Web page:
This superstition is reserved for those rare but remarkable moments of simultaneity between two or more speakers. If you and a friend accidentally say a word or phrase at the exact same time, the first of you to shout “Jinx!” takes the upper hand. The “jinxed” is doomed to silence until some condition, determined by the one who called the jinx, is met. Some people follow the jinx with “you owe me a Coke!” or, more generically, “you owe me a soda!”

The jinx isn’t broken — and therefore the jinxed person cannot speak — until the condition is met, whether it’s a drink debt repaid, a punch to the shoulder, or the utterance of the jinxed person’s name (sometimes up to 10 times). There are a whole lot of renditions on the classic jinx, and you can get creative!

“Bloody Mary”

In this context, “Bloody Mary” isn’t the name of an alcoholic tomato juice cocktail. But you might need some alcohol to recover from what you’ll see if you actually manifest the outcome of this ritual, one of the scariest of the verbal superstitions.

Legend has it that chanting the name “Bloody Mary” three times into a mirror in a darkly lit room summons the ghost of a witch who was accused of kidnapping and murdering young girls from her village. She allegedly stole their youth, and she was burned at the stake because of it. Some variations on the superstition claim that Bloody Mary will appear literally dripping in blood behind you, and in the most extreme versions of the story it’s said that she will possess you and rip your soul to shreds. Ouch. 

“Knock on wood”

This is both a verbal and an action-forward superstition that is supposed to mitigate the negative consequences of speaking a wish or desire out loud, or to acknowledge a string of good fortune that one wants to continue. A lot of people believe that verbalizing what they want or hope will happen means that it can never happen that way or that they’ll end up with the opposite. It’s like tempting fate by saying “I’m having such a good day so far,” and then immediately finding out that your car was towed and your house has burned down. But if you say “knock on wood,” and you actually knock on a nearby piece of wood — don’t settle for synthetic or artificial substitutes — you’ll stave off a reversal of your good fortune or the possibility that your wishes won’t come true.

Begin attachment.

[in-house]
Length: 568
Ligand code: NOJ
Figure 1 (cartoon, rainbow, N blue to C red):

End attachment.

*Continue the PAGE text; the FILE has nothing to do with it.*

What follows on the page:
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David Doochin
David is a content producer for Babbel USA, where he writes for Babbel Magazine and oversees Babbel's presence on Quora. He’s a native of Nashville and graduated from the University of North Carolina at Chapel Hill, where he studied linguistics and history. Before Babbel he worked at Quizlet and Atlas Obscura. A geek for grammar and an editorial enthusiast, he speaks Spanish (and dabbles in German, Dutch, Afrikaans and Italian). When he’s not curating his Instagram meme collection, you can find him spending too much money on food and exploring new cities around the world.
David is a content producer for Babbel USA, where he writes for Babbel Magazine and oversees Babbel's presence on Quora. He’s a native of Nashville and graduated from the University of North Carolina at Chapel Hill, where he studied linguistics and history. Before Babbel he worked at Quizlet and Atlas Obscura. A geek for grammar and an editorial enthusiast, he speaks Spanish (and dabbles in German, Dutch, Afrikaans and Italian). When he’s not curating his Instagram meme collection, you can find him spending too much money on food and exploring new cities around the world.